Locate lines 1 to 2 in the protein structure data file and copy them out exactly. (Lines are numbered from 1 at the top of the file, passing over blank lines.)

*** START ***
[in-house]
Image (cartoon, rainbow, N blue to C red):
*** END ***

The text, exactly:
[in-house]
Image (cartoon, rainbow, N blue to C red):